As large platforms hungered for even more advisors and more product sales, the platforms themselves were becoming increasingly “open architecture” to accommodate more advisors and facilitate more products. These developments eventually made it possible for almost any advisor on any platform to buy almost any product that was available via that platform.

Consequently, insurance brokerages began to emerge, and the mutual fund world began to evolve away from direct distribution and into open-architecture brokerage platforms (and later, platform TAMPs like Envestnet) that could access any fund or asset manager.

The core brokerage platforms that had built the largest custody and clearing back-end platforms began to lease their technology to smaller brokerage firms, spawning the rise of independent broker-dealers that used newfangled platforms with open-architecture product access to let representatives implement any product.

The conclusion of this evolution is that while in the early decades (the ’60s, ’70s and into the ’80s), most advisors picked their platforms largely on the basis of which had the best array of proprietary products, in the ’90s (and into the 2000s and 2010s), advisors began to choose their platforms based on the technology that was provided to enable them to execute their businesses more effectively. That’s both because the technology commoditized access to products and because the quality of the technology itself became a differentiator.

The trend continues today, with a recent Cerulli study showing that “technology” is the most commonly identified factor (56%) influencing an advisor’s choice of which broker-dealer platform to affiliate with!


While the Cerulli data show advisors look at an advisor platform’s technology when deciding what platform to join or switch to, the reality is that very few broker-dealers (or, in today’s environment, mega-RIAs) have unique technology on their platform. In practice, it’s still very expensive for firms to build their own proprietary technology.  

Consequently, over the past 20 years, there has been an ongoing consolidation of custody and clearing firms, so that today the overwhelming majority of RIAs and broker-dealers use the same small handful of back-end platforms (Schwab, Fidelity and Pershing) to power their businesses, and only a few self-clearing independent broker-dealers even remain (e.g., LPL, Raymond James and Ameriprise).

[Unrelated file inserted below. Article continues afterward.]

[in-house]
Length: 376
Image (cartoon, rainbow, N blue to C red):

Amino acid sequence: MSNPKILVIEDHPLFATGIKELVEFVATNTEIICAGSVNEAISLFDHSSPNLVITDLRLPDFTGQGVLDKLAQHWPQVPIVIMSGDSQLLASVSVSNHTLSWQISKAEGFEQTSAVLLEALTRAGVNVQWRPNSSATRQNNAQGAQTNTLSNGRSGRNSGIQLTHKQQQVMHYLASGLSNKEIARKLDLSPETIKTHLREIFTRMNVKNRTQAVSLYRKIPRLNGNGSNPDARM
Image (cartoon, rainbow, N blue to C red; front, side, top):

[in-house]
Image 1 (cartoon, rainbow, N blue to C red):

Most of today’s independent advisor platforms simply buy third-party technology to overlay on these third-party brokerage and RIA systems in the core domains advisors need, such as portfolio management, CRM and financial planning. Those platforms have become increasingly concentrated, too, with the bulk (50% to 70%) of the market share held by just three players in each category, from Orion, Tamarac and Black Diamond in portfolio management to Salesforce, Redtail and Wealthbox in CRM, and eMoney, MoneyGuide and RightCapital in financial planning software.  

That means that while today advisor platforms may differentiate from legacy players still running outdated technology by offering more modern tech tools, most broker-dealer and RIA platforms use one of three custody and clearing platforms, while offering one of three portfolio management tools, one of three CRM systems and one of three financial planning software solutions. Technology is becoming less and less of a differentiator. The only way platforms can set themselves apart is by which are the largest and drive the hardest bargain to get that same software for the cheapest — otherwise known as selling a commodity!  


In practice, most advisor platforms today are built heavily around one support service in particular: compliance. Broker-dealers and insurance companies typically have a depth of compliance support simply because it’s legally required; advisors are technically agents or registered representatives of the company, which has a legal obligation to ensure they’re in compliance.  

However, compliance requires very specialized knowledge of rules and regulations that apply to advisors and their firms. While all advisors know (or should know) how to comply, they don’t necessarily know how to do compliance as a firm. Consequently, even within the RIA channel, it’s common not only to hire compliance consultants to provide expertise and help with the compliance process, but a number of RIA-based platforms have emerged that allow advisors to be independent advisor representatives under a corporate RIA so they can utilize the platform’s compliance services to get the expertise they need.